Shiller is famous for spotting both the internet bubble of the late 1990s and the housing bubble that triggered the 2008 financial crisis.
When Robert J. Shiller won the 2013 Sveriges Riksbank Prize in Economic Sciences in Memory of Alfred Nobel—sometimes called the Nobel Prize in Economics— the Royal Swedish Academy of Sciences cited Shiller’s work “trendspotting in asset markets.” In an interview with Yale Insights. Shiller discusses some of the trends he sees in finance and the housing market.
Shiller argues that the change in attitude among the public that helped fuel the housing bubble hasn’t completely reverted. For generations, people saw homes not as appreciating assets, but necessities whose benefits weren’t measured chiefly by the delta between buying and selling price. But the housing bubble changed that mindset to one of speculation.
Shiller is famous for spotting both the internet bubble of the late 1990s and the housing bubble that triggered the 2008 financial crisis. While some may see a tendency for negativity in these calls, Shiller says he sees progress in financial markets in the long term. “I’m sometimes described as a bear when I look at financial markets,” he said. “But I’m not a bear overall for our economy. I think that financial capitalism is developing along a good trajectory.”
Q: What are the long-term prospects for the financial system?
Robert Shiller: Humans are very—or can be—so genius when they focus their attention on a concrete problem. So, we have a chess tournament, and we get people focused on how to play this game. The game has very specific rules, and it becomes a very concrete problem. But the problems that we face in life and the economy are nebulous, and they have so many different uncertainties about them. It’s not a very clear-cut game. And so, it’s hard to make progress.
But I think we do make progress, and I think that if you look at our financial institutions now, and our insurance—I include insurance as part of finance—they have really changed our lives. A hundred years ago, most people didn’t have any health insurance, and they didn’t have very good health care either. Now we have health insurance provided to most people, and we’ve got the new Obamacare, which is trying to extend it even further. People criticize this, but you have to take a big picture and look at how much progress we’ve made over a century, and it’s just enormous.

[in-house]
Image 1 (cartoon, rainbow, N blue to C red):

So I think it’s part of a broader trend where things will work out much better. You know, I’m sometimes described as a bear when I look at financial markets, but I’m not a bear overall for our economy. I think that financial capitalism is developing along a good trajectory.
Q: We appear to be in a period of multiple bubbles. Is this just a blip or the new normal?
Shiller: I’m not sure, however, that this is a moment in time, or whether it’s going to continue through the lifetimes of today’s young people. It could be. You know, we had a huge real estate bubble in the United States in Florida in the 1920s, and that really wasn’t repeated again. There was a 1940s—but that was more World War II related, and it wasn’t a true bubble. We didn’t really have another one until the 1970s, of the same magnitude. So I think it’s entirely plausible that we won’t have another really big real estate bubble for a half century. But I wouldn’t be too sure, because it sounds like we’re starting in on one right now with home prices going up in the United States.
Q: Do people approach housing differently now, and is this a cause for worry?